It was supposed to be a very uncommon reaction to the Doxyrubicin chemo agent, but the immediate fear was that our grey was having a reaction to the chemo. He spent another night in the hospital. He was placed on Flagyl for the intestinal tract and Baytril for his wound and returned home again the next day but was still refusing food.

At this point I was completely distraught and really began to hate myself for what I had done to this wonderful, kind creature. I cannot say enough about Julia Carter’s (our vet) commitment to both Theo’s care and our family’s coping mechanisms. While she was still away at a conference, she called several evenings to check on her patient. She consulted with doctors at Tufts University on a few occasions on Theo’s behalf. She explained the reaction and hemorrhagic colitis that Theo developed after his first round of chemo. We were offered a preventive option of placing him on Flagyl prior to his next treatments, which she urged us to continue and stressed that although this was an extremely difficult time, he would get through it and still have a chance at some happy, prolonged time. I guess the thing that struck me most was her belief that we would all have failed Theo if WE couldn’t endure and put him down now. After all that I didn’t want to fail our guy. This is another reason it is so important to find a vet whose judgement you trust.

I’m delighted to say that things began to turn around quickly for Theo after a few days of Flagyl. His appetite returned and he began to gain weight and muscle-mass. With our veterinarian’s encouragement we placed Theo on a high-protein diet which contains the antioxidant arginine (Hill’s Prescription ND). We also supplement his diet with selenium, flaxseed oil and MSM for the benefit of his joints. Before each of his subsequent chemotherapies he was treated with Flagyl and given an injection of Benadryl immediately following them to prevent allergic reaction. He went through his remaining treatments easily and was fortunate enough to be able to absorb a full-strength dose of chemo for each session, which is more effective long-term. His white cell and platelet counts did not drop significantly to the point that the dose had to be reduced.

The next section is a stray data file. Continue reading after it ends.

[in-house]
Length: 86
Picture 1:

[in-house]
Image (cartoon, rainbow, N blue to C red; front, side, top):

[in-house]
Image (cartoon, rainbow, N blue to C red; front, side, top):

I know that my husband and I both underestimated Theo’s resilience and fortitude. He always remained good-natured with numerous vet techs and willing to jump in the car through numerous trips to the vet, no matter how sick he was. We weren’t sure he had it in him but we are both delighted that it is going on 7 months from his surgery and he’s still a happy, energetic, even more vocal Raindog. He roos whenever he has ambivalence about anything these days. He roos for his trained Dad to carry him upstairs at night. After several nights’ sleep on the couch next to Theo shortly after his surgery, his Dad decided to carry him upstairs to our bedroom until he gained strength. This is still a nightly ritual. However, his Dad arrives home after work every day to find the Raindog upstairs. He’s an excellent stair-climber – when no one is watching.

I don’t know what length of time God has in store for Theo. I do know that we have no regrets about our decision to treat him and allow him the chance to become himself again and live happily without constant pain.

WAG TALES 2003

ALL RIGHTS RESERVED  This article is not available for reprinting or reposting.